How do you show that the Laplacian is the square of the (Euclidean) Dirac operator?

If I understand correctly, the Euclidean Dirac operator is given by

$$D=\sum_{i=1}^n e_i \frac{\partial}{\partial x_i},$$

where $e_i$ are bases for $Cl_{0,n}(\mathbb{R})$, i.e., the $n$-dimensional Clifford algebra with negative-definite signature over the reals (so $e_i^2=-1$), and $x_i$ are the corresponding coordinates. Several sources state that $D^2 = -\Delta_n$ where $\Delta_n$ is the standard Euclidean Laplace operator

$$\Delta_n = \sum_{i=1}^n \frac{\partial^2}{\partial x_i^2}.$$

When I write out $D^2 f$ explicitly for some function $f:\mathbb{R}^n \rightarrow \mathbb{R}$, scalar terms from the Laplacian certainly appear, e.g.,

$$e_1 \frac{\partial}{\partial x_1}\left( e_1 \frac{\partial}{\partial x_1} f \right) = e_1 \left( e_1 \frac{\partial^2}{\partial x_1^2}f + \left(\frac{\partial}{\partial x_1}e_1\right)\frac{\partial}{\partial x_1}f \right)=e_1^2 \frac{\partial^2}{\partial x_1^2}f = -\frac{\partial^2}{\partial x_1^2}f.$$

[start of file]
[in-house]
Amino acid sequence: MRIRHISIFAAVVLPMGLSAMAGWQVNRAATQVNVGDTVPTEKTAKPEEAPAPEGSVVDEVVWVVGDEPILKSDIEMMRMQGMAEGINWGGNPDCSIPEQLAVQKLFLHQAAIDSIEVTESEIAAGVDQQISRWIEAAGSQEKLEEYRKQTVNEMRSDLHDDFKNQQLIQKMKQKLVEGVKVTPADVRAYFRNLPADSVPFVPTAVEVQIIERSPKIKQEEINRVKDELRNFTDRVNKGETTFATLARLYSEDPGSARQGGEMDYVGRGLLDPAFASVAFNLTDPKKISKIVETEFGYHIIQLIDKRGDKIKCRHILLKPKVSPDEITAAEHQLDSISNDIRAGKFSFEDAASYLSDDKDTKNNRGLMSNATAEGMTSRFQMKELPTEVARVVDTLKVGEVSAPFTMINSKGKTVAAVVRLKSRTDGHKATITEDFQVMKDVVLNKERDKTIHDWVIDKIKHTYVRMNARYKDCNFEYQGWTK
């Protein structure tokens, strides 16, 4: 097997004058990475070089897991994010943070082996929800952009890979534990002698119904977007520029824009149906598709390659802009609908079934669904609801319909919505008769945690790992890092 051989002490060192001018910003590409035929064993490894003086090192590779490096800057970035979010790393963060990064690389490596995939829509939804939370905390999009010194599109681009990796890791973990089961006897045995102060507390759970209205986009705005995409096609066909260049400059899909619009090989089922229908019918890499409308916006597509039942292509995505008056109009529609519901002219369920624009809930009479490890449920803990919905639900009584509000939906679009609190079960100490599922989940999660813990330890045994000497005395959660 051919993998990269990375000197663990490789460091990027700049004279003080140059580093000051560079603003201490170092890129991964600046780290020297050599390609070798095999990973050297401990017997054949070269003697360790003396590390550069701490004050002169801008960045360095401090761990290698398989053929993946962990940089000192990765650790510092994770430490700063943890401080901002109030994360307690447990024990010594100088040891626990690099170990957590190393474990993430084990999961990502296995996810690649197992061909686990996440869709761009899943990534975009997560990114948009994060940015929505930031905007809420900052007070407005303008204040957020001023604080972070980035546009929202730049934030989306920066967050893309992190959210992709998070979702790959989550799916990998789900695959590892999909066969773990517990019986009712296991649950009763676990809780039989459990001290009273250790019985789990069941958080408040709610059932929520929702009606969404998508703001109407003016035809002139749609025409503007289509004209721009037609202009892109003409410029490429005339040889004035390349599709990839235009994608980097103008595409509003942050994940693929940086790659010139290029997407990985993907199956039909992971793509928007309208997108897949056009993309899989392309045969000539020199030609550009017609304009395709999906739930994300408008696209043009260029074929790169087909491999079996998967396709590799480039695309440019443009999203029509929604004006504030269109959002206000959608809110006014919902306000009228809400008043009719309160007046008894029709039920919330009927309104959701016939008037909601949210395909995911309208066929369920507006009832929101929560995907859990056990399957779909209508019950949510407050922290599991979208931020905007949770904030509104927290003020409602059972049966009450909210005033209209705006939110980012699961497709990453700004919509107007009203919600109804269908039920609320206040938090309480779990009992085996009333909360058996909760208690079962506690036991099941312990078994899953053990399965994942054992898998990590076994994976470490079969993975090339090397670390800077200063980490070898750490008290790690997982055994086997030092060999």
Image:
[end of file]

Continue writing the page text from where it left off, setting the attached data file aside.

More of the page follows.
But I also end up with bivector cross terms that shouldn't be there:

$$e_1 \frac{\partial}{\partial x_1}\left( e_2 \frac{\partial}{\partial x_2} f \right) = e_1 \left( e_2 \frac{\partial^2}{\partial x_1 \partial x_2}f + \left(\frac{\partial}{\partial x_1}e_2\right)\frac{\partial}{\partial x_2}f \right)=e_1 e_2 \frac{\partial^2}{\partial x_1 \partial x_2}f = e_{12}\frac{\partial^2}{\partial x_1 \partial x_2}f.$$

Should I only be considering the scalar part of $D^2$, or am I simply doing something wrong here?

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Are you perhaps just forgetting that $e_{12} + e_{21} = 0$ and second derivatives commute (for $f$ smooth enough)? – Marek Nov 13 '10 at 21:33
Yes Marek, that is exactly what I'm forgetting. Thanks for pointing out this obvious blunder! – funarharpsichord Nov 13 '10 at 21:40